Octavian is said to have dealt cruelly with the prisoners of war. So he let a father and his son, who asked for their lives, draw a lottery ticket for which of the two should be pardoned, and then watched as his son also committed suicide after his father was killed. He had Brutus' body beheaded in order to have its head laid at the Caesar statue in Rome, but the ship intended for the transport went down. Antony, on the other hand, gave the mutilated body of Brutus a cremation; he sent the ashes to Servilia , the mother of Brutus. The sparing of most of his defeated opponents brought Antonius sympathy, Octavian his ruthless actions but insults from prominent imprisoned representatives of the defeated party.

Numerous distinguished supporters of the republic fell in the battles at Philippi or were killed either by suicide or execution after the defeat, for example Marcus Porcius Cato , the son of the staunch Republican Marcus Porcius Cato Uticensis , Marcus Favonius , who had also quarreled with the Caesar murderers, Pacuvius Antistius Labeo , the father of the eminent legal scholar Marcus Antistius Labeo , also Marcus Livius Drusus Claudianus , the father of Octavian's later wife and first Roman Empress Livia , and Sextus Quinctilius Varus , the father of the great loser of the Varus Battle . Other followers of Brutus and Cassius, who are no longer mentioned in the sources after their death, may also have perished at that time, such as Lucius Tillius Cimber and Publius Servilius Casca . On the other hand, Marcus Valerius Messalla Corvinus and Lucius Calpurnius Bibulus survived , who were pardoned by Antonius. Also among the survivors was the poet Horace , who had fought as a tribune on the side of the Caesar murderers and who returned to Italy some time after the deaths of Brutus and Cassius. Overall, the double battle at Philippi cost the Roman people a high bloodletting. Around 40,000 soldiers were killed in the armed conflict and many more were wounded.

The Battle of Philippi was not an abrupt turning point, not a sudden end to the Roman Republic . The collapse of the republican order had already started with the murder of the tribune Tiberius Sempronius Gracchus in 133 BC. The leading riots began and continued through the civil wars of the next few decades. In the process, numerous members of the noble families had repeatedly found their deaths, so that the old senate aristocracy that governed the republic gradually disappeared. Individuals had more and more power over the Senate. The battle of Philippi therefore represents a certain end to this process of disintegration. At that time, however, the transition to a monarchical form of government was not yet complete, as there were still several independent rulers. Over time, Octavian was able to prevail against all remaining competitors. 36 BC BC he defeated Sextus Pompeius and in the same year disempowered Lepidus. 31 BC In BC he achieved the decisive victory in the battle of Actium against Antony and Cleopatra, who committed suicide the next year. This paved the way for Octavian's sole rule as Emperor Augustus.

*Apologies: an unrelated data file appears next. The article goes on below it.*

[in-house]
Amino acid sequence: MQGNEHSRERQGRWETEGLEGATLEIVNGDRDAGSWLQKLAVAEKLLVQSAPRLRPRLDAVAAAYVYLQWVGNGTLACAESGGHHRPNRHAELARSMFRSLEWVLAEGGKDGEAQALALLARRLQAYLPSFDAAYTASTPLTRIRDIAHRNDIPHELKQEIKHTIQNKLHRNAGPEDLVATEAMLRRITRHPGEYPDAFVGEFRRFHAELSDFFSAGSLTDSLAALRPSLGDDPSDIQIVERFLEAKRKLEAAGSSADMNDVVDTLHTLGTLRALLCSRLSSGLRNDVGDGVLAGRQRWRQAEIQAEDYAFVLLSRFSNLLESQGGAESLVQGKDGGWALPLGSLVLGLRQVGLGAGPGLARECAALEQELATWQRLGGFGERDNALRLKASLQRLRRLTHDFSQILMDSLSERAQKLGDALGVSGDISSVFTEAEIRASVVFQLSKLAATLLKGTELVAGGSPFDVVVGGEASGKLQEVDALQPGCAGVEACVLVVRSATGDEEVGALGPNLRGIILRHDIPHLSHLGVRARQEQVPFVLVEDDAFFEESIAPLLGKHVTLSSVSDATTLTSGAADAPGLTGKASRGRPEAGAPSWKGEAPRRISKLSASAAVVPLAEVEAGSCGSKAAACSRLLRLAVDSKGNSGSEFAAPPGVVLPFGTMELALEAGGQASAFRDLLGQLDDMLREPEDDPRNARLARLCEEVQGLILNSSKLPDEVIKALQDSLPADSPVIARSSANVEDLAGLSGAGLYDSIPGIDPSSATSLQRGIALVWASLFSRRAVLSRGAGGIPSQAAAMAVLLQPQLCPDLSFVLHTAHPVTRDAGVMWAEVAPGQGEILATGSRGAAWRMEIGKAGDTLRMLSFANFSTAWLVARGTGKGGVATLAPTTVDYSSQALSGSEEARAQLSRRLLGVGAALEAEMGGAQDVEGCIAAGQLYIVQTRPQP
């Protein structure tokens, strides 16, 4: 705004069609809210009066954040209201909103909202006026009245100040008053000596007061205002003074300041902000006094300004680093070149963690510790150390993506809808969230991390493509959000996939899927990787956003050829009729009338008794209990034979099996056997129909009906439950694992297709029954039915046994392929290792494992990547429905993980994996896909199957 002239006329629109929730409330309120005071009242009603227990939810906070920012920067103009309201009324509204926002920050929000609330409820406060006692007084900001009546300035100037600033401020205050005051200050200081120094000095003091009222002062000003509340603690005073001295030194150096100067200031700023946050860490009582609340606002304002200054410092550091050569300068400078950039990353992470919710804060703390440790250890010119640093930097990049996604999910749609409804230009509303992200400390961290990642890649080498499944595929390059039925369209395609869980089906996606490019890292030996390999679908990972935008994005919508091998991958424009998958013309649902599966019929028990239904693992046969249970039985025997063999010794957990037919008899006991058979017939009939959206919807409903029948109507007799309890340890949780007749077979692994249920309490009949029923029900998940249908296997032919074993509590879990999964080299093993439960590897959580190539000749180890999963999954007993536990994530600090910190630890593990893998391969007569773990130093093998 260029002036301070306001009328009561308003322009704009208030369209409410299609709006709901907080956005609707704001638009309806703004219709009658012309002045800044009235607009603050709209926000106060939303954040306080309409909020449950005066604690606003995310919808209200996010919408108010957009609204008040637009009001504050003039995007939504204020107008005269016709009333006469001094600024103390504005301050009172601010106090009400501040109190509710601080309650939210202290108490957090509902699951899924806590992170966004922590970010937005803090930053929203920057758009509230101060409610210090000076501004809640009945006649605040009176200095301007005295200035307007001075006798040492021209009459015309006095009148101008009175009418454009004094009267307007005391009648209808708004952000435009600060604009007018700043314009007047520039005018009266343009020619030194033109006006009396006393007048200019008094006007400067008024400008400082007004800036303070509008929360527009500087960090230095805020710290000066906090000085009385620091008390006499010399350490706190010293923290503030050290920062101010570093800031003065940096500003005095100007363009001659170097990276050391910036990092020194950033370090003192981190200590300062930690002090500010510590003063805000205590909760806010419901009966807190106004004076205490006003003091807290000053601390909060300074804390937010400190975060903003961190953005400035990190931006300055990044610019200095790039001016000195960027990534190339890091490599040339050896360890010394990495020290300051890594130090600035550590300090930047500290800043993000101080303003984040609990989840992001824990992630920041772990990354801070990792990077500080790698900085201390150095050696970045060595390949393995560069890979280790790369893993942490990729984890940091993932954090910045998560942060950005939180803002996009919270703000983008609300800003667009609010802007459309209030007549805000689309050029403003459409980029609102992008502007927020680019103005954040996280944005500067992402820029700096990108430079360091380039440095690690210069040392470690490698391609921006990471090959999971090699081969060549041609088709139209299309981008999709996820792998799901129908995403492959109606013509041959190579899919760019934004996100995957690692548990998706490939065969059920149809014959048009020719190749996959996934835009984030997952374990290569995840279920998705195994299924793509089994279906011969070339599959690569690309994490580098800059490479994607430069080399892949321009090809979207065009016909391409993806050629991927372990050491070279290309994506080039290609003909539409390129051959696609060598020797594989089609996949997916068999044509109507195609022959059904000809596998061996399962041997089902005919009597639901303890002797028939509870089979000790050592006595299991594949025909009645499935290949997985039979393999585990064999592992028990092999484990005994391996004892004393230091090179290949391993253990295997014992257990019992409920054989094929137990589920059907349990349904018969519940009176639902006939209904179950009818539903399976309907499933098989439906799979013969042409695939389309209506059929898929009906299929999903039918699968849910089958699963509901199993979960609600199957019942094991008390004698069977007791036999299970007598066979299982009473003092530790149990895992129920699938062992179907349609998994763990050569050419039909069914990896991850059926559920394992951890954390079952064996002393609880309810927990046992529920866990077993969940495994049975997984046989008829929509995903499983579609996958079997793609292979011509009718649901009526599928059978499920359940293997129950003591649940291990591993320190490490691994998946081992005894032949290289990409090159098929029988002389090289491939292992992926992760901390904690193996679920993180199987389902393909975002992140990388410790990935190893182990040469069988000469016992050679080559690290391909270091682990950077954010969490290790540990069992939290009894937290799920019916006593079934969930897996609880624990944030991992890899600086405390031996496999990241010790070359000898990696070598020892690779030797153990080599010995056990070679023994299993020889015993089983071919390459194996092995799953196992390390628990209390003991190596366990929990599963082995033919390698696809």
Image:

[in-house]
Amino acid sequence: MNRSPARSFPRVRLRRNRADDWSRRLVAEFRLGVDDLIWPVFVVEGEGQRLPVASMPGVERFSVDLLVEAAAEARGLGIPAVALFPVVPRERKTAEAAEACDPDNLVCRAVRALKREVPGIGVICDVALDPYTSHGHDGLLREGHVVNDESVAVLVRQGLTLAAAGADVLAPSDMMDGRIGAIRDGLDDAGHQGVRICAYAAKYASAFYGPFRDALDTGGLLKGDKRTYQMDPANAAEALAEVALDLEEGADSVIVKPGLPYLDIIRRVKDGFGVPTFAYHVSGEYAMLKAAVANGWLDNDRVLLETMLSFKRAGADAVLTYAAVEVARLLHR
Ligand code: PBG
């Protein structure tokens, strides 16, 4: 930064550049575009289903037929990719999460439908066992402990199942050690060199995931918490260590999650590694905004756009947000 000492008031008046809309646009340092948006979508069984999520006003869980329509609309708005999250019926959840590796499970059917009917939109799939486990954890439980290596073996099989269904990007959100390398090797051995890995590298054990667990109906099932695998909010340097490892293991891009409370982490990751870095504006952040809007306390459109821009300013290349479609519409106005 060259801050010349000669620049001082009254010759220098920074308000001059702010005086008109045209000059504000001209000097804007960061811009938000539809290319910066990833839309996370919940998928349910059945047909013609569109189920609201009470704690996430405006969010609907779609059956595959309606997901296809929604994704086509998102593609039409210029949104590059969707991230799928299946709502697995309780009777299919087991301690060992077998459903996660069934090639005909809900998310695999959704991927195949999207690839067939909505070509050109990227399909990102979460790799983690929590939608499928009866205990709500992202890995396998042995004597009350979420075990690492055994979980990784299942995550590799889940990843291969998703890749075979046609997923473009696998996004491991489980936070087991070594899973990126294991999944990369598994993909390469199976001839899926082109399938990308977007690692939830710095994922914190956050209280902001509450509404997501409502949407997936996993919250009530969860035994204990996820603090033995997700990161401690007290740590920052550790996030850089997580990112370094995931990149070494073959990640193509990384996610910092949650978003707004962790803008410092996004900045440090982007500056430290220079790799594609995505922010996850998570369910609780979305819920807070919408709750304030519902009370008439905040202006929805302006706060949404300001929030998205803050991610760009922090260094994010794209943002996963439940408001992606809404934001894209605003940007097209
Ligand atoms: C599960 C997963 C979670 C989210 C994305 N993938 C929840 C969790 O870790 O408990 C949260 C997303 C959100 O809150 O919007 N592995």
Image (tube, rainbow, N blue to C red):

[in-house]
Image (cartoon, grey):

The main source on the Battle of Philippi is the fourth book of the Civil Wars by the war historian Appian . In addition, the portrayal of Cassius Dio in the 47th book of his Roman history and the Brutus Vita of the biographer Plutarch are important.


Web links

Commons : Battle of Philippi  - Collection of images, videos and audio files

Youtube: Arte: The Fate of Rome - Channel: La Villa Stuttgart-Wangen


  1. ^ Appian , Civil Wars 4, 82.
  2. Appian, Civil Wars 4, 82 and 4, 86; Cassius Dio 47, 35, 2; 47, 36, 4 - 37, 1.
  3. ^ Appian, civil wars 4, 86 and ö.
  4. Appian, Civil Wars 4, 87 and 4, 102-104; Cassius Dio 47, 35, 2-5; Plutarch , Brutus 38.
  5. Appian, Civil Wars 4, 105ff .; Cassius Dio 47, 35, 5 - 36, 1.
  6. ^ Appian, Civil Wars 4, 107f .; Cassius Dio 47, 37, 2 - 38, 4.
  7. ^ Troop numbers according to Jochen Bleicken, Augustus , 1998, pp. 160 and 162.
  8. ^ Appian, Civil Wars 4, 109–113; Plutarch, Brutus 41-43; Cassius Dio 47, 45, 2 - 46, 5.
  9. Plutarch, Brutus 44, 2; Appian, Civil Wars 4, 114.
  10. Plutarch, Brutus 41, 7ff .; Suetonius , Augustus 91, 1; Cassius Dio 47, 41, 3; Appian, Civil Wars 4, 110.
  11. Plutarch, Brutus 41, 7f. and 42, 3.
  12. Pliny , Naturalis historia 7, 148.
  13. ^ Appian, Civil Wars 4, 112.
  14. ^ Appian, Civil War 4, 115f .; Plutarch, Brutus 47; Cassius Dio 47, 47, 4.
  15. ^ Appian, Civil Wars 4, 114; Plutarch, Brutus 44, 2; Cassius Dio 47, 47, 2.
  16. ^ Appian, Civil Wars 4, 118; Plutarch, Brutus 44, 3; Cassius Dio 47, 47, 2.
  17. ^ Appian, Civil Wars 4, 122.
  18. ^ Appian, Civil Wars 4, 123f.
  19. Cassius Dio 47, 48, 2.
  20. ^ Appian, Civil Wars 4, 128f .; Plutarch, Brutus 49f .; Cassius Dio 47, 48, 4f.
  21. ^ Appian, Civil Wars 4, 130f .; Plutarch, Brutus 51f .; Cassius Dio 47, 49, 1f.
  22. ^ Suetonius, Augustus 13, 1f .; Cassius Dio 47, 49, 2.
  23. ^ Appian, Civil Wars 4, 135; Plutarch, Brutus 53 and Antonius 22; Cassius Dio 47, 49, 2; Valerius Maximus 5, 1, 11.
  24. ^ Suetonius, Augustus 13, 2.
  25. Jochen Bleicken, Augustus , 1998, pp. 165ff.
  26. Jochen Bleicken, Augustus , 1998, p. 167f.